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Study: Healthcare Industry Will Spend Most on R&D by 2020
Researchers from PricewaterhouseCoopers estimate that, by 2020, healthcare will eclipse computing and electronics industries as the highest investor in research and development (R&D). Money spent on R&D increased by 11.4 percent in 2018 for a total of $782 billion. Within healthcare, R&D spending jumped from $159 to $169.5 billion. Healthcare is one of five industries — along with electronics, auto, software, and IT — that comprise 76 percent of total spending. Revenue increased proportionally to R&D, also at a growth rate of 11.4 percent. A separate report discovered, when accounting for medical research as well, the United States’ investments skyrocketed by 20.6 percent in response to industry initiatives and federal programs.
>> Read More: The 2018 Global Innovation 1000 study
athenahealth Bought, Will Retain Brand
Elliott Management’s subsidiary, Evergreen Coast Capital, and Veritas Capital have purchased electronic health record (EHR) company athenahealth for $5.7 billion, which amounts to $135 per share. The deal, which is $1.3 billion less than the original offer, is estimated to be finalized before April. Other allegedly interested buyers included UnitedHealth, nThrive, and Bain Capital. The company will still operate under the athenahealth brand, but will be combined with Virence Health. Following the announcement of the buyout, stock prices surged nearly 10 percent, up to $131.90, though still under the per-share cost of acquisition.
New Federal Guidelines for Physical Activity
Our increasingly sedentary lifestyles have led the Department of Health and Human Services to revise physical activity guidelines for the first time in 10 years. Many of the recommendations remain the same: adults, with or without chronic conditions, are encouraged to exercise for 150–300 minutes per week at a moderate intensity or 75–100 minutes at a high intensity. Per the guidelines, “Adults should move more and sit less throughout the day. Some physical activity is better than none.” The updates include discussions of the “risks of sedentary behavior,” “tested strategies that can be used to get the population more active,” and “immediate and longer term benefits for how people feel, function, and sleep.” However, these guidelines are ignored by the vast majority of Americans; a recent study published in JAMA estimates a lack of physical activity amounts to $117 billion in annual healthcare costs.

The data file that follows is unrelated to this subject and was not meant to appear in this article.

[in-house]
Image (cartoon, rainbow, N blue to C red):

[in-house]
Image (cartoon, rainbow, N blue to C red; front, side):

>> Read More: Physical Activity Guidelines for Americans
Smoking Hits All-Time Low; More Work Needed for E-Cigs
Fewer Americans smoke cigarettes than ever before, according to a recent report from the Centers for Disease Control and Prevention (CDC). The number of smokers dropped to 14 percent in 2017, down 1.5 percent from the year before. Rates of use were higher among uninsured individuals (31 percent) than those with public insurance (26.8 percent), private insurance (16.2 percent), or Medicare (11 percent). While that means 34 million adults use combustible cigarettes, 47 million — roughly 20 percent — still use tobacco products. However the data only examine behaviors among adults. To curb this, the Food and Drug Administration (FDA) announced it seeks to ban menthol cigarettes, which contains flavoring that can make them alluring to underage smokers, and a continued effort to restrict minors’ access to electronic nicotine delivery systems (ENDS).
>> Read More: CDC: Adult Smoking Hits Record Low
Study: Low-Carb Diets Effective for Weight Loss and Management
A new study published in The BMJ indicates that diets low in carbohydrates may not only help dieters lose weight, but avoid regaining the weight. Researchers examined 164 overweight adults who followed a 10-week diet to lose weight, after which they were split into three groups, each with a different level of carbohydrate density, for a second round of dieting. Those who followed low-carb diets — defined as 20 percent of calories from carbohydrates — burned 200 more calories per day than their high-carb counterparts. Projected over a three-year period, researchers estimated that, even if total calories consumed remained constant, a low-carb dieter could lose 10 percent of his or her bodyweight. “Consistent with the carbohydrate-insulin model, lowering dietary carbohydrate increased energy expenditure during weight loss maintenance,” researchers concluded. “This metabolic effect may improve the success of obesity treatment, especially among those with high insulin secretion.” These findings accompany recent genetic analysis from the Cleveland Clinic that determined “obesity itself, not just the adverse health effects associated with it, significantly increases the risk of type 2 diabetes and coronary artery disease.”